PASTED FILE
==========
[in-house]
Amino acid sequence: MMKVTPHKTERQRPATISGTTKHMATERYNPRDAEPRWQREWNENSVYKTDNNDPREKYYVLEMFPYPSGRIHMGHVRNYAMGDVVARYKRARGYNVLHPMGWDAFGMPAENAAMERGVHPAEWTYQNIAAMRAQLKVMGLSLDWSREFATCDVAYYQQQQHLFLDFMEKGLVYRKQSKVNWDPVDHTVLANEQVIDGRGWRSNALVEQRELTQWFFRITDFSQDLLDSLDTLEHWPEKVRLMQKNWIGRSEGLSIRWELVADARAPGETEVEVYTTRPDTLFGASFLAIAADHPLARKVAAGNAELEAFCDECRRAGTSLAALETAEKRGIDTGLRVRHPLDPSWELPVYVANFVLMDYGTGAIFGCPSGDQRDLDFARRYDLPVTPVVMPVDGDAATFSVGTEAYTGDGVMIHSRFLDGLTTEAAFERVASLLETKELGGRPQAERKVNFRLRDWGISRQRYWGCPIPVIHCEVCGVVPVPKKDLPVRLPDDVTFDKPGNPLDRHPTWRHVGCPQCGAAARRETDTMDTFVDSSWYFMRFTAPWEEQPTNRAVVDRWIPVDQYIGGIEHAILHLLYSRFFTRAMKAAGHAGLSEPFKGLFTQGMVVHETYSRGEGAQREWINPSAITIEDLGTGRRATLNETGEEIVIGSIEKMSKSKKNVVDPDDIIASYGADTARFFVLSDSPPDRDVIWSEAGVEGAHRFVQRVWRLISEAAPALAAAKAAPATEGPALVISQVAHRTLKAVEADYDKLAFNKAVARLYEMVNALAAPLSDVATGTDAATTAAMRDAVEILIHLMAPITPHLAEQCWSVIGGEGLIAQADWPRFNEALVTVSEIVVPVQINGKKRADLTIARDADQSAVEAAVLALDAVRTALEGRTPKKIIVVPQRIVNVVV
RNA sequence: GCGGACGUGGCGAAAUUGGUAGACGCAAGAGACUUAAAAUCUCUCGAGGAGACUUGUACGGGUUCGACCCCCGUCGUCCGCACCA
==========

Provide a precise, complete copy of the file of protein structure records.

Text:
[in-house]
Amino acid sequence: MMKVTPHKTERQRPATISGTTKHMATERYNPRDAEPRWQREWNENSVYKTDNNDPREKYYVLEMFPYPSGRIHMGHVRNYAMGDVVARYKRARGYNVLHPMGWDAFGMPAENAAMERGVHPAEWTYQNIAAMRAQLKVMGLSLDWSREFATCDVAYYQQQQHLFLDFMEKGLVYRKQSKVNWDPVDHTVLANEQVIDGRGWRSNALVEQRELTQWFFRITDFSQDLLDSLDTLEHWPEKVRLMQKNWIGRSEGLSIRWELVADARAPGETEVEVYTTRPDTLFGASFLAIAADHPLARKVAAGNAELEAFCDECRRAGTSLAALETAEKRGIDTGLRVRHPLDPSWELPVYVANFVLMDYGTGAIFGCPSGDQRDLDFARRYDLPVTPVVMPVDGDAATFSVGTEAYTGDGVMIHSRFLDGLTTEAAFERVASLLETKELGGRPQAERKVNFRLRDWGISRQRYWGCPIPVIHCEVCGVVPVPKKDLPVRLPDDVTFDKPGNPLDRHPTWRHVGCPQCGAAARRETDTMDTFVDSSWYFMRFTAPWEEQPTNRAVVDRWIPVDQYIGGIEHAILHLLYSRFFTRAMKAAGHAGLSEPFKGLFTQGMVVHETYSRGEGAQREWINPSAITIEDLGTGRRATLNETGEEIVIGSIEKMSKSKKNVVDPDDIIASYGADTARFFVLSDSPPDRDVIWSEAGVEGAHRFVQRVWRLISEAAPALAAAKAAPATEGPALVISQVAHRTLKAVEADYDKLAFNKAVARLYEMVNALAAPLSDVATGTDAATTAAMRDAVEILIHLMAPITPHLAEQCWSVIGGEGLIAQADWPRFNEALVTVSEIVVPVQINGKKRADLTIARDADQSAVEAAVLALDAVRTALEGRTPKKIIVVPQRIVNVVV
RNA sequence: GCGGACGUGGCGAAAUUGGUAGACGCAAGAGACUUAAAAUCUCUCGAGGAGACUUGUACGGGUUCGACCCCCGUCGUCCGCACCA